Zeppole di San Giuseppe

(St. Joseph's doughnuts)

Zeppole di San Giuseppe Description:

Zeppole di San Giuseppe, often referred to simply as Zeppole, is a delightful Italian pastry traditionally associated with the celebration of St. Joseph’s Day (Festa di San Giuseppe) on March 19th. These pastries are made from choux pastry, deep-fried to golden perfection, and filled with a rich, velvety custard. They are typically garnished with a generous dusting of powdered sugar and a cherry on top, creating a dessert that’s both visually striking and irresistibly delicious.

Origins and History:

Zeppole di San Giuseppe has a long and storied history that is deeply intertwined with Italian religious and culinary traditions. The feast of St. Joseph, the foster father of Jesus and a revered saint in the Catholic faith, has been celebrated in Italy for centuries. St. Joseph’s Day is a special occasion in the religious calendar, and the Zeppole is a sweet and symbolic way to mark the day.

The origins of Zeppole can be traced back to the southern regions of Italy, particularly Campania and Sicily, where St. Joseph’s Day has been celebrated with grand processions, feasts, and sweet treats for generations. The pastry’s round shape represents the sawdust-covered floors of St. Joseph’s workshop, and the cream filling symbolizes purity and love.

Traditionally, Zeppole di San Giuseppe was a humble, home-cooked dessert that brought families together. They were prepared with simple, locally available ingredients, such as flour, eggs, and sugar. The dough was piped into a spiral shape and deep-fried until golden and crispy. Once cooled, they were generously filled with a luscious, velvety custard. This made Zeppole a true labor of love, a culinary expression of devotion to St. Joseph and a symbol of unity within families.

Over the years, Zeppole’s popularity has grown beyond Italy, and they are now enjoyed around the world, especially in Italian communities. They have become a beloved treat, not just for St. Joseph’s Day but also for various festive occasions, including weddings, birthdays, and other special gatherings.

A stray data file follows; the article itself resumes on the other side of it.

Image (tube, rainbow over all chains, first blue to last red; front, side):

Today, Zeppole di San Giuseppe continues to be a cherished part of Italian culinary traditions, a testament to the country’s rich heritage and the enduring power of delicious desserts to bring people together in celebration of life, faith, and the joy of savoring something sweet.

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Zeppole di San Giuseppe

Servings: 8


History: Zeppole di San Giuseppe is a traditional Italian pastry that is popularly enjoyed on the feast day of Saint Joseph, celebrated on March 19th. These deep-fried pastries are filled with sweet ricotta cream and adorned with a cherry on top.


For the dough:

For the ricotta filling:

For assembly and decoration:


  1. In a medium saucepan, combine the water, butter, and salt. Bring to a boil over medium heat.

  2. Reduce the heat to low and add the flour all at once. Stir vigorously until a smooth dough forms and pulls away from the sides of the pan.

  3. Remove the pan from the heat and let the dough cool slightly.

  4. Gradually add the eggs, one at a time, beating well after each addition until the dough is smooth and glossy.

  5. Heat vegetable oil in a deep pot or fryer to 375°F (190°C).

  6. Using a pastry bag fitted with a large star tip, pipe the dough into small rounds onto a baking sheet lined with parchment paper.

  7. Carefully drop the dough rounds into the hot oil, a few at a time, and fry until golden brown and puffed up.

  8. Remove the zeppole with a slotted spoon and drain on paper towels.

  9. In a bowl, combine the ricotta cheese, powdered sugar, vanilla extract, and lemon zest. Mix well until smooth and creamy.

  10. Once the zeppole are cool enough to handle, fill a pastry bag fitted with a small round tip with the ricotta filling.

  11. Insert the tip into the side of each zeppola and pipe a generous amount of ricotta filling inside.

  12. Dust the zeppole with powdered sugar and top each one with a maraschino cherry.

  13. Serve Zeppole di San Giuseppe as a delightful and symbolic dessert. Serves 6-8.

    Buon appetito!

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